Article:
The New Yorker called the school, at its founding, “Deerfield in the Desert.” While it was a catchy phrase, it was wrong. “You cannot transplant the culture of one school and put it into another,” Julianne says. And in the beginning, it didn’t work very well. “It took all of us all working together to achieve the School’s vision of a liberal arts experience that was also organic and authentically ‘Jordan.’”
This depended in part on bringing Jordanians into leadership roles at the school. When Julianne arrived, many of the administrators were ex pats who lacked a natural cultural bridge to the students in their care. “It seemed like Boarding
School 101 to have people who understand the language and the culture living with the kids,” she says. The faculty and staff speak different languages, practice different religions, different politics, have different views on education, and our challenge is to come together to create a common vocabulary, understanding and ethos. And then we’re going to throw several hundred teenagers into the mix.”
Julianne had to bridge cultures as well, which depended on learning and developing the patience to listen well and hear the things that are unsaid. For example, she talks about meetings with parents and others in the school community, at which, she says, “Greetings are generally a bit longer than I was used to, living in New York.” At first, she didn’t see the value in the elaborate exchange of information that was common to greetings in Jordan, but she came to understand and appreciate the value in that exchange. She reflects,
“There’s a lot to be learned from how it’s done in the Arab world. What’s actually happening through all that ‘hello’ is us establishing some common ground, and then you can go on from there to solve the real problems. There is something about genuine hospitality and kindness that makes anything possible.”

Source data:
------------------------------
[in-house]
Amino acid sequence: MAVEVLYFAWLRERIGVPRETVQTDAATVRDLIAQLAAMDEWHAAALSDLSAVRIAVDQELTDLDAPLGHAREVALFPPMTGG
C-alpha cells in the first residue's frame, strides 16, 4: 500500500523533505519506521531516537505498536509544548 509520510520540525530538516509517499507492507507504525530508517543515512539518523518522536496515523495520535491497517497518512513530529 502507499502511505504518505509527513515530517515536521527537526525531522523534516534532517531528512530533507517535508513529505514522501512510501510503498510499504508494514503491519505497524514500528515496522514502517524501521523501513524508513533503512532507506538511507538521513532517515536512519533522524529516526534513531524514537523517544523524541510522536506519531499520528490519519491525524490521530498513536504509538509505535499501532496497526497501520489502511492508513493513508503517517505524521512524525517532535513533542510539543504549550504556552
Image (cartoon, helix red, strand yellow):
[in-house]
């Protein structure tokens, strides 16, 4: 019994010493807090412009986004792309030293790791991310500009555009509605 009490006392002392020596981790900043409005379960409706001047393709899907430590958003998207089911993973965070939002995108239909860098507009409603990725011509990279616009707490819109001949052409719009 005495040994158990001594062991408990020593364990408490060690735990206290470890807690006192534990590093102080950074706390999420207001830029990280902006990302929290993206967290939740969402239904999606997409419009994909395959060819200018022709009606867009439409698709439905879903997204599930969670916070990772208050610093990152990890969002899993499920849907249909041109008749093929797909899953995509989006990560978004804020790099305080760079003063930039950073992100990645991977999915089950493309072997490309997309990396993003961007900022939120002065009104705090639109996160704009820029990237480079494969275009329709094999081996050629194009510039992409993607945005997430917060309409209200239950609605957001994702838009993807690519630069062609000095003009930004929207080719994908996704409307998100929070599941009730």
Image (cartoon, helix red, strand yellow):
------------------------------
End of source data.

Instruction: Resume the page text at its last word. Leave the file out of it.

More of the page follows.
Now, she says, “If people ask me why I have been successful, I say I’ve had 10,000 cups of tea. Talking and listening. You need to hear their stories — and the stories are really powerful.” What we might watch on our news about distant chaos in the Middle East is human, individual, and specific in Jordan. She says, “It’s stories like ‘My house was destroyed.’ Or, ‘I’m Syrian, and I can’t go home.’”
The view from her office on campus is bucolic and peaceful, and yet, in the ten years she has lived there, the region has weathered a financial crisis, Arab Spring, the Syrian civil war, insurgents in Iraq, a war in Yemen, the United States moving its embassy from Tel Aviv to Jerusalem, and more.
“But for us,” she says, “no matter what...we get up and go to school. No matter what is happening in the world. For us, it’s bigger than a school. If you can’t get it done on a school level, then what hope is there on a political level, or on a world stage?”
We get up and we go to school, and so there is hope for the world stage.
Reflecting on the challenges her time in Jordan has presented, Julianne is grateful for the profound ways in which her worldview has changed. She’s grateful, too, for the opportunity to learn to be a better listener, and the humility that comes along with it.
Perhaps most of all, she is proud of having learned to fail forward — to become willing to try things, take risks, acknowledge and learn from failure, and try again. She says, “I don’t think I would have understood that until I went and failed some. The sun rises the next day. That’s one of the greatest gifts you can give kids!”
Reflecting on Hackley’s mission statement, she reflects, “‘Unreserved effort is just that — it’s not about the outcome, it’s about the process. I’m not talking about decisions that are moral...I’m talking about going for it.”
While Julianne looks forward to another 20 or 30 years as an educator, she already knows how she wants to end her career. “I miss game day,” she says. “You just don’t have that in Amman. The idea of ‘Today’s Horace Mann!’ and high fives with your athletes in the halls.” The dread of the long bus ride out to Brooklyn for the Poly Prep game. The excitement and collective joy the day after a big win. “At the end of my career, I’d be very happy teaching one or two sections of eighth grade history and coaching. Hitting ground balls, taking shots on the soccer field. It’s a nice life.”
- - - - - - -More:
Jenny Leffler on Julianne Puente '91
Julianne Puente '91 and Margaret Scarcella '84
- - - - - - - - -Suzy Akin is Hackley’s Director of Communications and Community Relations.
King’s Academy photographs provided by Robina Studios, Wasim Ayesh and Julianne Puente. Other photographs by Chris Taggart and Armando Passarelli.